The EB-5 Immigrant Investor Visa: An Attorney and Service Provider’s Overview of Requirements for Eligibility and Implications under Different Areas of Law
By: Wassem M. Amin, Esq., M.B.A.
In 1990, the United States Congress created the employment-based fifth preference ("EB-5”) immigrant visa category for immigrants who invest in and manage U.S. commercial enterprises that benefit the U.S. economy and create jobs. Allotted 10,000 immigrant visas annually, the EB-5 immigrant visa was designed to attract foreign direct investment into projects that would directly impact the economy (i.e., not merely passive investments).
Immigrant investors may apply for an EB-5 visa through two primary routes. The first is through a direct investment into a qualifying “new commercial enterprise.” The second is through the Regional Center Pilot Program. Created by Congress in 1992, and recently extended by President Obama in the fall of 2012 an additional three years, the Pilot Program allows the United States Citizenship and Immigration Service (“USCIS”) to designate so-called Regional Centers to function as conduits or administrators of large or medium scale projects funded, at least in part, by EB-5 investors.
However, due to inconsistent administration by USCIS primarily caused by lack of proper training for its adjudicators, the Regional Center Pilot Program—as well as the EB-5 visa overall—was relatively under-utilized by practitioners, investors, and developers. For example, in Fiscal Year 2007, USCIS approved only 11 Regional Centers and issued 473 EB-5 Visas—out of the 10,000 available under the quota. In the following years, however, EB-5 visa issuances and Regional Center approvals exponentially increased in number. In FY 2012, EB-5 visas are projected to reach the visa cap for the first time in the program’s history. Furthermore, Regional Center approvals in the same period spiked to an all-time high of 209. The increased interest in EB-5 investments has been attributed to a combination of factors including: (1) the overhaul of the program by USCIS and the creation of a dedicated EB-5 adjudication department; (2) the decrease in domestic investment capital after the 2008 recession; and (3) the increased political instability in foreign countries leading many high-net worth immigrants to relocate to the United States.
Forecasts for FY 2013 estimate that EB-5 capital will account for over $2 Billion in foreign direct investment. Since 2005, the program has injected over $6 billion in capital to the U.S. economy and added over 95,000 U.S. jobs. There have been many EB-5 and Regional Center success stories. A particularly notable example is the Vermont EB-5 Regional Center. The Vermont EB-5 Regional Center is the only USCIS-designated Regional Center in the United States that is owned, controlled, and supervised directly by a state government. In fact, Brent Raymond, the Director of the Regional Center as well as International Trade and Foreign Investment for the state, noted that the Vermont Regional Center has had a 100% success rate with immigration filings for affiliated alien investors and with investment returns on individual projects.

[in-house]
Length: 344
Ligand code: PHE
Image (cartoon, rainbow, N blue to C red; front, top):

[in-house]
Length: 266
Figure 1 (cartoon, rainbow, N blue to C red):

Advocacy groups have also had a strong positive impact in promoting the EB-5 Visa. The Association to Invest in the USA (“IIUSA”) is non-profit trade association that lobbies on behalf of Regional Centers nationwide. Led by Director Peter Joseph, it was founded in 2005 and represents over 80 Regional Centers, accounting for approximately 95% of all EB-5 capital.
Unfortunately, due to the growing popularity of the program, unscrupulous individuals and entities in the United States, as well as so-called “visa consultants” abroad, have attempted to use the EB-5 visa to defraud foreign investors. Foreign investors must be diligent in their research and vetting process of such projects. Not surprisingly, counsel for the foreign investor or a Regional Center usually plays an integral role in this process. Unlike a traditional private offering, an attorney advising on an EB-5 visa, whether on behalf of the alien investor or the investment soliciting funds, must be well-versed in not only immigration law, but also corporate law, securities laws and regulations, tax law, international law, real estate law, and estate-planning—in addition to possessing a fundamental understanding of business and economic forecasting models. It is a unique intersection of several areas of the law, each with their own complex regulatory and statutory regime.
This Article summarizes EB-5 eligibility requirements as well as the issues under various areas of law that may be implicated.